"This is called 'In Indian time,' and that means when all the elements line up," Liggett said of the development pace. He added that the casino would be located in downtown Brownsville, and the plan calls for restoring the borough streetscape to the 1920s era.

At the end of his press release, Liggett listed three contacts for "local support" in regard to the plan: Stella Broadwater of the Brownsville Area School Board, Fayette County Commissioner Ronald M. Nehls and state Sen. Richard A. Kasunic (D-Dunbar).

Nehls said that while he personally doesn't support gambling, if its arrival is inevitable he thinks community leaders at all levels should "get together and open lines of communication to make the best of it.

"I wouldn't call me a supporter. I'm a realist in the sense that it appears that there has been a lot of thought and planning that has gone into the process. It appears to have been (an) upstanding and creditable ... process, some of which may not have been able to have been revealed (until now). But if there are some positives, then let's take advantage of them, in a cooperative effort," Nehls said.

Broadwater said she wholeheartedly supports the Indian plan, mostly because it brings the promise of hope and employment to the borough. With bingo and strip tickets "really big" and eight state lottery machines operating in or near the borough, Broadwater said, gambling is already a popular enterprise.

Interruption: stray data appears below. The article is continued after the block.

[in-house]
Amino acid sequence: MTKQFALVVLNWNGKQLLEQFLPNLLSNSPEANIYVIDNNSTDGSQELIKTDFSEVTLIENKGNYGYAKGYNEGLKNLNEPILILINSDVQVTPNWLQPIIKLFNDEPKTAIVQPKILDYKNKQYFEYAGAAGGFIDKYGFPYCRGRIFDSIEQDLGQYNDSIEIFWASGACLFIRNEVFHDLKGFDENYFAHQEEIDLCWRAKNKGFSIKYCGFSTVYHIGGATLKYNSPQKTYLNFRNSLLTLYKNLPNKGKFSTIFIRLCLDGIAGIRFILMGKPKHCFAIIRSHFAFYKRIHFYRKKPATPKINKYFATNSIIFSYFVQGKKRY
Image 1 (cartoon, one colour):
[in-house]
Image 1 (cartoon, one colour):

"The bingo halls are packed full, the lottery machines are running full (tilt). If people want to gamble, that is their prerogative; that is their choice," said Broadwater. "There are many people that I know in Brownsville personally who go to Wheeling Downs several times a week, or go to Atlantic City, to gamble."

Broadwater said she circulated petitions in favor of Indian gaming and sent 1,500 signatures to Gov. Ed Rendell, state Sens. Kasunic and Barry Stout (D-Bentleyville) and state Reps. Peter J. Daley (D-California) and H. William DeWeese (D-Waynesburg).

"You know that the school district needs money. I feel that it would be an asset," said Broadwater. "I don't know what could hurt Brownsville at this point. (People) want hope. What could it hurt, having stores and bringing in employment? Maybe these people wouldn't be active in drugs if they could get jobs.